KINGSPORT - Phase two of Kingsport's automated garbage collection service is expected to begin Monday with the delivery of carts to the remaining 8,000 city residents.
Streets and Sanitation Manager Ronnie Hammonds said an independent contractor will begin distributing approximately 8,000 96-gallon carts to Model City residents Monday and continue through April 27. Collection for these new residences will begin the week of May 7.
"They'll be in every section of town that is not included in phase one," said Hammonds. "This will complete the automated process for the city of Kingsport."
Once distribution is complete, every residence in Kingsport should have one of the new carts to be used with the automated collection service. City officials say if you move, the cart is to remain at the residence.
Additional carts can be purchased for $60, and smaller carts will be available upon request. Back door service will still be available for a fee.
As the transition to the automated system continues, city officials remind customers to remember a few simple steps:
•Place all trash collection containers at least 3 feet away from mailboxes, power poles or other potential obstacles.
•Place the container with the serial numbers and arrow facing toward the street.
•Separate multiple containers by at least 3 feet.
City officials also ask residents who wish to dispose of their old trash cans to place a large "X" on them with masking tape, marker or paint, and they will be picked up at the curbside May 7-21.
Under the new collection service, garbage will be collected by special trucks equipped with mechanical arms that extend, grab the bins, and dump the garbage into the truck - all done from the driver's position.
The city spent about $750,000 on four new garbage trucks (money that would have been spent on replacing the existing five garbage trucks). In addition to the trucks, the city borrowed about $910,000 from the fleet department's fund to pay for the new carts.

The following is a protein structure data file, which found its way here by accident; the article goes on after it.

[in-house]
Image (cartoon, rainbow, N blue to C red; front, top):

The first phase of automated garbage collection service was implemented in February, and Hammonds said the transition has been relatively smooth.
"We've had very few problems, The operators have adapted exceptionally well to the service, and the citizens have done an excellent job of putting things out," Hammonds said. "One of the problems we're having is that occasionally we'll get a little bit more set beside the can.
"People need to realize that everything needs to fit into the can."
Last year when the Board of Mayor and Aldermen was discussing the switch to automated service, Alderman Pat Shull raised the concern about whether Kingsport could maintain a high level of service after the switch.
Hammonds said he thinks the level of service is at the same level at it was prior to automation.
"I think we've made arrangements that with people being able to purchase a second can, that took care of a majority of questions we've been having," Hammonds said. "I don't think the level of services has declined any."
In addition to Kingsport providing automated collection to Model City residents, the city plans to provide similar service to Mount Carmel later this year.